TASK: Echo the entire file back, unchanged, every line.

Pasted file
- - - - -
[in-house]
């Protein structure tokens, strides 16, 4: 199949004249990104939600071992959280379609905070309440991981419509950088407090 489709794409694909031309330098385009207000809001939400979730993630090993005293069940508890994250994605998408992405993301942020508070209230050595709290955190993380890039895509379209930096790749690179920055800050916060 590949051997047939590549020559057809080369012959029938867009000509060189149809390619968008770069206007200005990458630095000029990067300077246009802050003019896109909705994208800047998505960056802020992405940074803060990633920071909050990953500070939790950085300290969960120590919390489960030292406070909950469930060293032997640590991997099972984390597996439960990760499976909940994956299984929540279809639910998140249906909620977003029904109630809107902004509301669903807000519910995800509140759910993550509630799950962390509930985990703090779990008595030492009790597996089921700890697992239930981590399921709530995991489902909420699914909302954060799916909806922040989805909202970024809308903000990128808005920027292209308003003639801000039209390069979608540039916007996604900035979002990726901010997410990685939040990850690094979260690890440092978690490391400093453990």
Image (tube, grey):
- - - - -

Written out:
[in-house]
């Protein structure tokens, strides 16, 4: 199949004249990104939600071992959280379609905070309440991981419509950088407090 489709794409694909031309330098385009207000809001939400979730993630090993005293069940508890994250994605998408992405993301942020508070209230050595709290955190993380890039895509379209930096790749690179920055800050916060 590949051997047939590549020559057809080369012959029938867009000509060189149809390619968008770069206007200005990458630095000029990067300077246009802050003019896109909705994208800047998505960056802020992405940074803060990633920071909050990953500070939790950085300290969960120590919390489960030292406070909950469930060293032997640590991997099972984390597996439960990760499976909940994956299984929540279809639910998140249906909620977003029904109630809107902004509301669903807000519910995800509140759910993550509630799950962390509930985990703090779990008595030492009790597996089921700890697992239930981590399921709530995991489902909420699914909302954060799916909806922040989805909202970024809308903000990128808005920027292209308003003639801000039209390069979608540039916007996604900035979002990726901010997410990685939040990850690094979260690890440092978690490391400093453990």
Image (tube, grey):